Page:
But the FDA has forgotten that we have thousands of secondary wholesalers that trade drugs. States license them, not the FDA. All it takes for a terrorist to become a drug wholesaler is a $1,000 and a driver's license, according to Aaron Graham, head of security for Purdue Pharma, quoted in the Providence Journal. Another problem, right here in the U.S., is that our drugs are shipped in big vats to wholesalers, and then poured into smaller, bulk-size containers, from which tablets are dispensed manually to the patient. Lots of entry points for a terrorist. In Europe, drugs are sold in tamper-proof individual bottles or blisters, and no one touches a drug after it leaves the manufacturer.
Legalized and regulated reimportation is about a safe drug supply. It's about getting drugs to consumers who can't afford them. The biggest problem we have today is that drugs don't work if you don't take them. The Kaiser Family Foundation reported in a 2001 study that 15% of uninsured children and 28% of uninsured adults had gone without prescription medication because of cost. The journal Diabetes Care recently reported in February, 2004, on a study of older adults with diabetes. 28% said they went without food to pay for drugs. And based on the high cost of the Medicare Part D program this is how things may continue. Is this how we want to treat our elderly, force them to choose between food and medicines?
And, by the way, not even the drug companies want to pay for brand name drugs anymore. Novartis, one of the largest foreign drug makers, was so concerned about drug costs that the CEO sent a memo to all US employees urging them to choose more generics. He didn't realize the memo would make front page news (NJ Star-Ledger, Oct 15, 2004).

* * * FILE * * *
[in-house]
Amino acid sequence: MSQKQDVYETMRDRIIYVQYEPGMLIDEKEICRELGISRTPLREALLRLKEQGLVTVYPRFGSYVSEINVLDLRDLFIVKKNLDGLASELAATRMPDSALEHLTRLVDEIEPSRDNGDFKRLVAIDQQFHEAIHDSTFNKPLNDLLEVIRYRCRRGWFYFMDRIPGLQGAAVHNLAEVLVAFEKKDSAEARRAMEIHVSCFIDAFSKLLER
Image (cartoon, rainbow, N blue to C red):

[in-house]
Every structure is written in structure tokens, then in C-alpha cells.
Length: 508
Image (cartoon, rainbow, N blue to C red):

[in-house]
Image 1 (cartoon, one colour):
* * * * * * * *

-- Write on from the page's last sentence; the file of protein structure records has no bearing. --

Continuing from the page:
Let's also point out that half of the largest pharmaceutical companies are foreign corporations (Novartis, Glaxo, Astra-Zeneca, Roche and Sanofi-Aventis). Why should we allow foreigners to come in and gouge American tax payers? Perhaps we shouldn't allow them to charge us more than their own governments are prepared to pay for our drugs? In Europe that's called reference pricing.
Every day Americans die because they can't afford life-saving drugs, because we want to protect the profits of foreign corporations. I believe we have to speak out for the people who can't afford drugs, in favor of free trade and against a closed market. Stopping affordable drugs has a high cost. Not just in money, but in American lives.
But today, in American politics, virtually no one gives a shit. Then again, perhaps that will change. This fall the elderly will hit the doughnut hole and start paying full price for drugs again, right before elections. But the only way the shit will really hit the fan is if voters wake up and smell the manure. Not that I can say I'm too hopeful.
Half the American population has already given up and won't even try to vote. And the other half will probably be swayed by another timely "code red alert" indicating their "way of life" and the future of their grandchildren is endangered by "terrorists" in white tennis shoes who don't know that a recently fired maching gun barrel is too hot to hold on to.
They'll never realize that the larger danger, day in and day out, is the lack of affordable drugs.